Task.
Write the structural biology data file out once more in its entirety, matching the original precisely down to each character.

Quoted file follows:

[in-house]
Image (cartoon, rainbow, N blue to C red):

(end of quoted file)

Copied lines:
[in-house]
Image (cartoon, rainbow, N blue to C red):